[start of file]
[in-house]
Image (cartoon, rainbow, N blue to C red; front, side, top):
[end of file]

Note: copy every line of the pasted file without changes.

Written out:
[in-house]
Image (cartoon, rainbow, N blue to C red; front, side, top):